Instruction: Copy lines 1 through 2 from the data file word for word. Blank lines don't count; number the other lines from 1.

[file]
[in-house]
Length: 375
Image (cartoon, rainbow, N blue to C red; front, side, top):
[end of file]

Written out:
[in-house]
Length: 375